Cucumber's thrilled to have Amelia Watts, top flight trainer, talk about how she motivates herself to run 100 mile races, and why she was driven to create an all natural, healthy sports food.
From a very early age I have always loved running. Many of my happiest early memories are of running around the school playing fields. It was not just the freedom, the exploration, the wind in your hair that I enjoyed, it was also the sense of being good at something. Being a dyslexic child in the days when dyslexia was poorly understood meant that everyday at school was a challenge. But then when I ran, life’s stresses just seemed to dull into the background, disappearing further and further behind me. The more I ran the more my confidence grew, opening horizons in front of me that I previously didn’t think possible.
As life went on, I ran further and further, from 5k to 10k, to half marathons and marathons. My journey into ultra running began when someone close to me flippantly declared one day that I would never be able to run the Marathon Des Sables, a 250k self-sufficient race through the Sahara Desert. This was the wrong thing to say, you can tell me that I won't be able to do many things in life but you do not tell me that I cannot run. The red flag had been waved in front of this bull.
A year later after many hours of blood, sweat and tears of training, I stood on the MdS start line along with 1000 other competitors from around the world, luckily completely unaware of what challenges were in front of me. In my ignorance, I thought the hardest part of the race would be the miles that had to be completed each day and yet as it turned out this was the easy part. It was the 50 degree Celsius heat, the sleeping in communal tents with a cacophony of deafening snores and the food! The Marathon Des Sables is a self-sufficient race, one where you have to carry all of the food you are going to eat over the seven days. Conventional sports food wisdom told me that I should pack high calorie to weight ratio food, ensuring rucksack weight was kept to a minimum. So my bag was filled with sports gels, bars, nuts and salami, providing the perfect blend of sugary, bland, sweaty fare. By day three, I was giving away my gels, as I just could not stomach any more sugar, all I was craving was some proper nutritious food. With an empty digestive system I ran towards the finishing line, proudly crossing as the fifth placed women.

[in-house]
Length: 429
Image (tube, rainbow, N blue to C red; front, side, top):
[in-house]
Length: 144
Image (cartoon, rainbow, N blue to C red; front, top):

Back home, reflecting on the race, there simply had to be a better way to fuel for endurance events. I started to research into the nutritional requirements for optimal endurance performance. After all, I was putting my body under extreme duress, so giving it some TLC seemed well worth it. What the Marathon des Sables taught me was that fuelling is not just about calories, nor is it simply about sugar. It’s about re-stocking the body with the nutrients and energy that you use along the way. It is about consuming proper food!
So, with my partner we started to create our own recipes. Nice savoury dishes made from all natural ingredients, ingredients that the digestive system recognises. A healthy sports food that not only tastes good, but also provides all of the nutrients and energy the body needs. By gently blending the recipes we were able to create a fuel that was easy to eat and digest on the move.
Since then, I have been successfully fuelling myself through a number of other ultra marathons including the 100 mile Ultra Trail du Mont Blanc, the 72 mile Laverado and the 72 mile Trans Gran Canarias. As other fellow runners saw my innovative homemade fuels, interest spread and enquires into where they could be purchased grew. Finally, in 2017 Longhaul Endurance was launched.
My grandmother once gave me a wonderful piece of advice, ‘find something you love and then find someone to pay you to do it’. Throughout my life I have tried to follow her guidance working as a personal fitness trainer, nutrition consultant and now with Longhaul Endurance.
One thing I am confident of, is that no matter what challenges life throws my way, I know I can overcome them or at least work through them by simply placing one foot in front of the other again and again and again.